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Knock on wood, as I dont want anyone to ever crash... For those that have, what does it feel like? How can you describe it? Does it seem surreal?
 

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Ever smashed your finger in a door? Imagine an adrenaline rush just before that (assuming you know you are going down) then magnify the pain by however many injuries you get.
 

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9-5-4, 9-2-9, means 9-1-9
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This is only an assumption, but the first time I crashed, when I stood my bike up, it felt like I just threw my first born out the window of a moving car. Or how I interpret it would feel like. Felt like it the second time too.
 

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Happens too fast to prepare for it or even know it is coming. Been down twice, both were due to flippin invisible road hazards.

1st cost my F2 lots in plastic, brake lever, bar end, foot brake lever, turn signal and exhaust...It sucked. Sore shoulder for a week.

2nd was just a very slow low side...couple scuffs and a torn glove and jacket. No injuries...Just ticked off :lol:

My .02 ... I always tell potential riders that are looking into motorcycles. It's not a matter of "if" you go down...It's "when" your go down. Wear you gear!!! Unfortunately, It's gonna happen at some point throughout your riding time.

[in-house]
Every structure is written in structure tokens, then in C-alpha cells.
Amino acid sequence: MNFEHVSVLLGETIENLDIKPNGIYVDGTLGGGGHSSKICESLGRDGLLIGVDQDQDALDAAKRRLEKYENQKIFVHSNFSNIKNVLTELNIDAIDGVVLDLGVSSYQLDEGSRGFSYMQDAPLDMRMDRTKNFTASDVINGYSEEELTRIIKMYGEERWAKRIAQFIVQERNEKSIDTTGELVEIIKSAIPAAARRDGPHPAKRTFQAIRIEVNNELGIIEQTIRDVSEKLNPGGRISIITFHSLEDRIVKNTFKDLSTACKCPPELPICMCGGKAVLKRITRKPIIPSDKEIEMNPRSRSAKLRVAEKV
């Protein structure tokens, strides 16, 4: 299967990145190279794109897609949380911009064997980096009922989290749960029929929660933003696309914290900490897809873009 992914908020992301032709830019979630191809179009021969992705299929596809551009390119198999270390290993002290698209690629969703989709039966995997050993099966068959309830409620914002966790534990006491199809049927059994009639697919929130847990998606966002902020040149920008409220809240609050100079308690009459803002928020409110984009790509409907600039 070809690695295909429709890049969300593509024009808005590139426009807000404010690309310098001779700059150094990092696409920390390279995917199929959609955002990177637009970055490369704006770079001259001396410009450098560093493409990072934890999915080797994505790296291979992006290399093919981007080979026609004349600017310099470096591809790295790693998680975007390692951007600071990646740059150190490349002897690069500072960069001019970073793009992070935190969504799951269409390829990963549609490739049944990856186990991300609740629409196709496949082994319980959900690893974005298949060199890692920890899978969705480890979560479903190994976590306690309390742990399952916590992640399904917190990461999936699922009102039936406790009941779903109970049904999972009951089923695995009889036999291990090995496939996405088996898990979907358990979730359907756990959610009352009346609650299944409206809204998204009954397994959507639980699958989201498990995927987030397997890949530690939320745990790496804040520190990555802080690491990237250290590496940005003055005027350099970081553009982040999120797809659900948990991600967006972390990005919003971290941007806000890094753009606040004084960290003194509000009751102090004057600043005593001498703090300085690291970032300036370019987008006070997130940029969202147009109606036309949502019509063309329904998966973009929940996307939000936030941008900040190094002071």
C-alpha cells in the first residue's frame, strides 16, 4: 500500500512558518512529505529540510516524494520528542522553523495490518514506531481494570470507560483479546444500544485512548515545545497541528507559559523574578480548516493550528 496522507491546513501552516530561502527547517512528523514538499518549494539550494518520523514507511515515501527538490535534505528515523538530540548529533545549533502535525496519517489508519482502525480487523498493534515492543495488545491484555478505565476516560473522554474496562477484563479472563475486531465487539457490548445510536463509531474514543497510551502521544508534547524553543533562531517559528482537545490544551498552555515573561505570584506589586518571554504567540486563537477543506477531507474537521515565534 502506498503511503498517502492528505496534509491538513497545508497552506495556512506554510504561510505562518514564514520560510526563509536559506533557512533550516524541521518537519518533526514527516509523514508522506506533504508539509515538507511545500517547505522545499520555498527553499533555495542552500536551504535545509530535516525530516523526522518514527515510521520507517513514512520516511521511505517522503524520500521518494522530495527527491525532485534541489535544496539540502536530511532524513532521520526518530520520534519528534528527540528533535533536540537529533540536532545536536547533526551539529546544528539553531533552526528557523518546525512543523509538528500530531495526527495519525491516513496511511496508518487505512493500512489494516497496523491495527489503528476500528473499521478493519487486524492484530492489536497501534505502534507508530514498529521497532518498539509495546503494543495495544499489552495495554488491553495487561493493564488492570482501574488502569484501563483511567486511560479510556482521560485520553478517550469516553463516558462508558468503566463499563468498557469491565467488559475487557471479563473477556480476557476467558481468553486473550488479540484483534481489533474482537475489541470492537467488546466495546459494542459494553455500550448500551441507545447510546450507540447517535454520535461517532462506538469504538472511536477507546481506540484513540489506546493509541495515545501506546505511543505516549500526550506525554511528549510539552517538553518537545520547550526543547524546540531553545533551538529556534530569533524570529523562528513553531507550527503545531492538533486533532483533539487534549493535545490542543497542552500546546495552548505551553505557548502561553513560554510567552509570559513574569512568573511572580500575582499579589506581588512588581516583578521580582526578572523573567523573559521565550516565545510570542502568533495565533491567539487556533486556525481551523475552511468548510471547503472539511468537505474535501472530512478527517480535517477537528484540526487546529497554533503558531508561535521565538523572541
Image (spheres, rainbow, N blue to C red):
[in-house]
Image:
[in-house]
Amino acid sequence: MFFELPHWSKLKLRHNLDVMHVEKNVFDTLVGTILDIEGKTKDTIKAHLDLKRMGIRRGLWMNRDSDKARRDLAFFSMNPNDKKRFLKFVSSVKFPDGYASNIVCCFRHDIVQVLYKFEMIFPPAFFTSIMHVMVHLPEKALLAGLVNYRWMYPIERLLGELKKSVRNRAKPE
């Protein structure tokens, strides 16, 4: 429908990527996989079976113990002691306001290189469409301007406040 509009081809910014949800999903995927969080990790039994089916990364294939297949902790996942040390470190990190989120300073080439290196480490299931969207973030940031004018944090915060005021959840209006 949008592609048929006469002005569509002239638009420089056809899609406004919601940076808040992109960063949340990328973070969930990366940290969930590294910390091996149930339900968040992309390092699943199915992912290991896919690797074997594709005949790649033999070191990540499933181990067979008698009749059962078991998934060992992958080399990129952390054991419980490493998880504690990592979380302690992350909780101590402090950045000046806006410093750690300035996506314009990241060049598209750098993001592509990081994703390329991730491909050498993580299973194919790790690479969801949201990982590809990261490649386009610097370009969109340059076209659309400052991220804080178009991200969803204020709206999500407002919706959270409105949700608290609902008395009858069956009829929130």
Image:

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The Mrs. and I wear out all afternoon 2up yesterday...Got in 100 miles.

Rode down to the Ocean front just to peake around and then out in the country. It amazes me at how many riders and their passengers are out there riding in shorts, flip flops, tank tops, etc.

I saw a guy yesterday. Wound up directly behind him at a light. Short sleave shirt, chest protector, gloves, pants, helmet and tennis shoes :idunno: ( oh ya...And for Mike, Snik and Simpson...He was headed to "The Spot" :lol: He turned right into the BP to hang with all the other "Cool" riders)

So what exactly is the chest protector gonna do for the guy when he goes down...Cause his shoulders and arms are sure gonna take a beating! I guess his back and chest will be ok :laugh:

I think he was just tryin to look cool and show off his tats...He had a very nice flat center rear tire and about 2.5" of strips on each side :D I guess he's a master at the burn out :motorcycle:
 

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919>food>beer
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Well the first real get off I had happened so quick it was just like, Oh crap, then I'm rolling down the road at 40 mph, feel a few hot spots in the gloves and jacket as the pavment is burning through, legs are just flopping around. No real pain at the time, thanks helmet since I went face first into the pavment.

When I finally did stop the adrenaline was pumping so fast and hard that I actually tried to pick the bike up... Got home and couldn't move for almost 2 weeks. The worst was the knees, as they were healing up and every time I would take a step you could just feel the skin re-ripping open and tearing. I would sit on the couch and just open and close my leg every so often just so that I wouldn't lose mobility. When I woke up each morning it took about 15 minutes of pain to extend and bend my knees that I could move for the day. If the humidity goes up the scars just ache, still after a year of healing.

So yeah, its not the initial fall that sucks, its the recovery IMHO.
 

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It is a kinda surreal moment, because you realize what is happening and you are just a passenger at that point.